Timed perfectly to celebrate the centenary of the great African-American artist Romare Bearden’s birth, the Art Museum’s acquisition of his resplendently spectacular 1978 collage “Mill Hand’s Lunch Bucket (Pittsburgh Memories)” had immediate relevance and long-term significance. Using cut paper and fabric with watercolor, pencil, felt-tip pen and gouache, Bearden created a scene that so lovingly recalls the grit, hopes and labors of black working-class life that inspired playwright August Wilson to create Joe Turner’s Come and Gone. 953 Eden Park Dr., Mount Adams. 513-639-2973. cincinnatiartmuseum.org.

BEST CRAZY EXPERIMENTAL AND AWESOME THEATER FESTIVAL:
May 29 is not that far away — that’s when the 2012 Cincinnati Fringe Festival will kick off 12 days of freaky and fringy shows. Last year’s festival, produced by Know Theater of Cincinnati, was the best-attended in Fringe’s eight-year history: 280 artists in 33 productions viewed by approximately 7,000 people. The fest prides itself on providing opportunities for artists to take risks and experiment with style and content — and it always surprises. Get the deets on this year’s festival at the Fringe Festival lineup announcement party April 18. cincyfringe.com.

BEST REASON TO BLUE YOURSELF IN 2012:
The Blue Man Group will make a rare Cincinnati visit Oct. 16-28, 2012 at the Aronoff. The wild and crazy theatrical experience is a performance act that has been combining comedy, music and technology for more than 10 years. With no spoken language, the trio of guys with blue plastic skin presents a show that’s big, loud, funny, silly, visually arresting — and not easy to describe. The show won a special citation in the 1991 Obie Awards and recognition in 1992 from the Lucille Lortel Awards (for excellence in off-Broadway theatre) and from the Village Voice’s Obie Awards. cincinnati-broadway.com.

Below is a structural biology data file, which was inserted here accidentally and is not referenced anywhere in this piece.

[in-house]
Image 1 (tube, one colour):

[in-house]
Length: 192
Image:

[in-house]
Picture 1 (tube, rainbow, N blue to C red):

BEST BEER FOR AN OPENING RECEPTION:
It should be no surprise to anyone that Pabst Blue Ribbon is the lager of choice when it comes to fueling the art-hopping hipster-set. But for our money, Schlitz is really the way to go. The 16oz “Tall Boy” cans allow you to burnish your proletarian street-cred, while simultaneously letting your audience know that when it comes to being hip, you’re just slightly ahead of the curve. At any rate, they’re all brewed by Miller-Coors. Info: schlitzgusto.com.

BEST PEACEFUL MUSIC VENUE:
If you ever get to the point where you just can’t stomach the thought of going to a packed nightclub to see live music and getting jostled constantly by drunk partiers who appear more interested in tweeting their social life than experiencing it (or live music), The Monastery in Walnut Hills offers something of an oasis.

The recording studio (run by former Over the Rhine guitarist and award-winning producer Ric Hordinski in an old church space) has been increasingly presenting live performances in an intimate, gorgeous and pin-drop quiet setting, becoming the best listening room in the city and hosting the likes of David Wilcox, Daniel Martin Moore and Ellery. 2601 Stanton Ave., Walnut Hills, 513-376-2437, monasterystudio.com.

BEST AVANT GARDE PROGRAMMING EXPANSION: